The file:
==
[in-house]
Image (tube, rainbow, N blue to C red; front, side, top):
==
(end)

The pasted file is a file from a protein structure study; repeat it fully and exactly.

[in-house]
Image (tube, rainbow, N blue to C red; front, side, top):